Provided by: pump_0.8.24-1_i386 bug


       pump - configure network interface via BOOTP or DHCP protocol


       pump   [-krRsd]   [-c|--config-file   FILE]   [-h|--hostname  HOSTNAME]
       [-i|--interface   IFACE]   [-l|--lease    HOURS]    [--lookup-hostname]
       [--no-dns]  [--no-gateway]  [--no-setup]  [--no-resolvconf] [--release]
       [--renew] [--script= ISCRIPT] [--status] [--win-client-ident]

       pump [-?|--help] [--usage]


       pump is a daemon that manages network interfaces that are controlled by
       either the DHCP or BOOTP protocol.

       While   pump   may   be   started  manually,  it  is  normally  started
       automatically by ifup(8) for devices configured via BOOTP or DHCP.

       If pump is managing an interface, you can run it  again  to  query  the
       status of that interface.  For example,
           pump -i eth0 --status
       will print the current status of device eth0.


       switch   long option           description
       -?       --help                Show this help message
       -c       --config-file=FILE    Get configuration from FILE instead of /etc/pump.conf
       -d       --no-dns              Don’t update DNS resolver configuration
       -h       --hostname=HOSTNAME   Request HOSTNAME
       -i       --interface=IFACE     Manage IFACE rather than eth0
       -k       --kill                Kill daemon (and disable all interfaces)
       -l       --lease=HOURS         Request least time of HOURS
                --lookup-hostname     Look up hostname in DNS
       -R       --renew               Renew lease immediately
       -r       --release             Release interface
                --no-gateway          Don’t configurate a default route for this interface
                --no-resolvconf       Don’t use the resolvconf program to update resolv.conf
                --no-setup            Don’t set up anything
                --script=SCRIPT       Call SCRIPT (or null string to disable)
       -s       --status              Display interface status
                --usage               Display a brief usage message
                --win-client-ident    Specify a Windows(tm)-like client identifier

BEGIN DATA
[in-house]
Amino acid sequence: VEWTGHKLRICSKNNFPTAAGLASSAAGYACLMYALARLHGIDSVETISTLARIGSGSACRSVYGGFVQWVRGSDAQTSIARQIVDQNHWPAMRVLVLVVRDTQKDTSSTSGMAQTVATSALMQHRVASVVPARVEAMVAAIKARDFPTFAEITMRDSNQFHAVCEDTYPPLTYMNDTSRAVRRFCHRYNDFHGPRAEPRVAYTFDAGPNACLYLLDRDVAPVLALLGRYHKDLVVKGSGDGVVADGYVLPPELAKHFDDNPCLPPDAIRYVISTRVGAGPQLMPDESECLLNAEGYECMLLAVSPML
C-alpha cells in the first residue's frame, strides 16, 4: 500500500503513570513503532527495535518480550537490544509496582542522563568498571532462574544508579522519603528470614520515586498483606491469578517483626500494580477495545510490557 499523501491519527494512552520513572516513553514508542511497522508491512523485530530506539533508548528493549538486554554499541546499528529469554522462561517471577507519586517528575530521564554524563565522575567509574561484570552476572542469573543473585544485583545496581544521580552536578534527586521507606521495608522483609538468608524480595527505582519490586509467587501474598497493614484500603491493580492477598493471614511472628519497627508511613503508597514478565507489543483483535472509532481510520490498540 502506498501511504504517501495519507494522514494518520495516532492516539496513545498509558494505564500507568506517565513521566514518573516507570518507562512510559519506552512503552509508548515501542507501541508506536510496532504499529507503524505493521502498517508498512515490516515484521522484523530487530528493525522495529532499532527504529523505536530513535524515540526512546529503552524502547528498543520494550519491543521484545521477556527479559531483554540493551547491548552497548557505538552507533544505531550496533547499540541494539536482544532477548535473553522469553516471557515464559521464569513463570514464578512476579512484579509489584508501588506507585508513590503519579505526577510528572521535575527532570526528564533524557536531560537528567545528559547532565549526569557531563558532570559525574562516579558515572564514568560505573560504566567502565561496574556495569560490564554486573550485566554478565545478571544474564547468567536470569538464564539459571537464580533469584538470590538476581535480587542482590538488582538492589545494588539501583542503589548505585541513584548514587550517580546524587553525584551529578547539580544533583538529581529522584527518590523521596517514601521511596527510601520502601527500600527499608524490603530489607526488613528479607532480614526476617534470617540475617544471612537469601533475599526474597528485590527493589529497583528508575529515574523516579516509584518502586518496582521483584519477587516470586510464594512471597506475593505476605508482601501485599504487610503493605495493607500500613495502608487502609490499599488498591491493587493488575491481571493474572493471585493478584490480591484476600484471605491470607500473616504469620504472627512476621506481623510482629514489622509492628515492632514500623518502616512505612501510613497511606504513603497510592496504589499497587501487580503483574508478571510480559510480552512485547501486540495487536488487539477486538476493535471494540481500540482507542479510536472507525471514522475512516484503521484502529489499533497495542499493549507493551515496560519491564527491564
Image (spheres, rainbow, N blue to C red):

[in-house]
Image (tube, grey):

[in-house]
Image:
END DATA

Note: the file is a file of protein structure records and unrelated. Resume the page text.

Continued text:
The  --lookup-hostname option causes pump to ignore the host and domain
       names returned by the server and instead to look these up in DNS  using
       the IP address of the interface.  The name that is looked up is used in
       forming the search line in the resolv.conf file.  Thus, if  either  the
       --no-dns  or  domainsearch option is used then --lookup-hostname has no

       Note that pump itself never sets the computer’s hostname.


       You can tune the behavior of  pump  using  a  configuration  file.   By
       default  pump  reads  /etc/pump.conf  but you can change this using the
       --config-file option.

       The  configuration  file  is  line-oriented.   Most  lines  contain   a
       directive  followed  by  zero or more arguments.  Arguments are handled
       similarly to how shells handle command arguments, allowing the  use  of
       quotes  and  backslash  escapes.   Comments are allowed, and must begin
       with a # character.  Spaces and tabs are ignored.

       Directives may be specified at two levels: global and specific.  Global
       directives  change  pump’s  behavior  for  all  of  the devices that it
       manages whereas specific directives change pump’s behavior for a single
       device.  Later directives always override earlier ones.

       Here is an example configuration file:

       # sample /etc/pump.conf file

       domainsearch ""
       retries 3

       device eth1 {

       This  configuration  file  tells pump to use a specific DNS search path